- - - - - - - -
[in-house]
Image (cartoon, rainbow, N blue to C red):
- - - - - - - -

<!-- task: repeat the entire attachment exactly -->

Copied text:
[in-house]
Image (cartoon, rainbow, N blue to C red):